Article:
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More and more Cantabrigians are commuting via bike. Backyard Cambridge reporter Melissa McNickles explores what steps the city is taking to support bicyclists.

A leisurely ride down Memorial Drive. Visiting Harvard Square without worrying about parking. Loading up and pedaling across the river to work. More and more Cantabrigians are taking advantage of the benefits and convenience of bicycling, and from the years 2002-2012, the number of people commuting via bicycle in the city tripled.

In fact, Cambridge has one of the highest rates of residents who walk or bike to work in the United States. About 7 percent of residents bike to work. That means Cambridge is ahead of cities like San Francisco and Washington D.C., where 3.1 and 2.6 percent of residents commute via bike, respectively. We’re also leading the pack among nearby neighbors—in Boston, a only little more than 1.5 percent of residents commute via bike. In Somerville, it’s about 4.5 percent.

“The number of people using bicycles as a mode of travel is growing in Cambridge and in the region, which helps our goals to address climate change, support healthy lifestyles, and reduce congestion,” said Iram Farooq, Assistant City Manager for Community Development.

Indeed, bicycles transit continues to gain popularity as fewer people are choosing to rely solely on vehicle transit. Household car ownership is decreasing as household bike ownership is increasing. The Eco-Totem in Kendall Square counts passing bicyclists and averages over 7,000 riders per week.

Given those numbers, it does makes sense that the city is taking more steps to support the rise of cycling. One of these steps includes increasing the availability of separated bike lanes—bike lanes with physical separation from vehicular traffic. They are also sometimes referred to as protected bike lanes.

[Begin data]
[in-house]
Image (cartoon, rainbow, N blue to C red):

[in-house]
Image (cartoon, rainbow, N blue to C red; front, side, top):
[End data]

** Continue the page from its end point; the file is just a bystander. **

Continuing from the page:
“Separated bike lanes play an instrumental role in enhancing the safety of city streets for all modes of travel by adding protective barriers between cyclists and vehicles and lowering the speed of travel on city streets,” said Farooq.

However, adding new protected bike infrastructure isn’t a top priority on everyone’s list, including some local business owners and concerned residents. The issue sparked intense debate last fall. Installing separated bikes lanes can mean a loss of parking spaces, which may deter some shoppers and visitors with vehicles, particularly those visiting from outside the area. Some also expressed concerns over the new configurations, which be confusing and difficult to navigate, presenting challenges to pedestrians and motorists.

“While public safety is a major City priority, we are also committed to supporting local business owners, who contribute greatly to Cambridge’s vibrant community,” said Farooq. She said the city also makes an effort to maintain the number of metered parking spaces when new bike infrastructure is installed—even increasing the number of spaces when possible.

But some felt out of the loop about the new project. Last August, members of the Harvard Square Business Association were outspoken opponents of the new bike lanes that were installed on Brattle Street. A lane of traffic on the one-way street was removed to install the new two-way bike lane. City councilors received numerous complaints from business owners, some of whom said that they “were not aware that the bike lanes were being installed and that they were having a negative impact on their operations”, reported Wicked Local.

In September, the installation of a separated bike lane on Cambridge Street caused another round of public outcry, when a good deal of parking spaces were removed for the project. One local business owner expressed concern over a long-time customer, who relied on curb-abutting parking get into his wheelchair after parking his vehicle. The new bike lane, running between the curb and parked vehicles, meant the customer was unable to do so.

On the other side of the debate are those who applaud the city’s efforts to support safer cycling. Many wrote letters to the city after the installation of the new lanes last year, saying they felt safer and more comfortable riding in the new lanes, without having to worry about being hit by a car door suddenly opening or sudden traffic merges